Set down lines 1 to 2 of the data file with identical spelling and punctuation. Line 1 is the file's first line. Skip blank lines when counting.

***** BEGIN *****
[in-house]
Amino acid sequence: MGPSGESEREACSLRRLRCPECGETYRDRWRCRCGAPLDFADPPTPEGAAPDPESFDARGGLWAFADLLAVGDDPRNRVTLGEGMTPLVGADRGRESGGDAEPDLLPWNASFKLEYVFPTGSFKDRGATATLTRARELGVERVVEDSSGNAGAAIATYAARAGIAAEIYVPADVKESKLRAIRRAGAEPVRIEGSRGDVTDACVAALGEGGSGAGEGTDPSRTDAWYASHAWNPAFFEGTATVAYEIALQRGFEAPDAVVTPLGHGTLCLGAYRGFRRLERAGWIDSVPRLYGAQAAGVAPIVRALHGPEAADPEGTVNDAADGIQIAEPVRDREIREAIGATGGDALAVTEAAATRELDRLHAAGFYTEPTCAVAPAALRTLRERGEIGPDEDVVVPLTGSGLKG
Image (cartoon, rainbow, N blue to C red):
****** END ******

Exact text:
[in-house]
Amino acid sequence: MGPSGESEREACSLRRLRCPECGETYRDRWRCRCGAPLDFADPPTPEGAAPDPESFDARGGLWAFADLLAVGDDPRNRVTLGEGMTPLVGADRGRESGGDAEPDLLPWNASFKLEYVFPTGSFKDRGATATLTRARELGVERVVEDSSGNAGAAIATYAARAGIAAEIYVPADVKESKLRAIRRAGAEPVRIEGSRGDVTDACVAALGEGGSGAGEGTDPSRTDAWYASHAWNPAFFEGTATVAYEIALQRGFEAPDAVVTPLGHGTLCLGAYRGFRRLERAGWIDSVPRLYGAQAAGVAPIVRALHGPEAADPEGTVNDAADGIQIAEPVRDREIREAIGATGGDALAVTEAAATRELDRLHAAGFYTEPTCAVAPAALRTLRERGEIGPDEDVVVPLTGSGLKG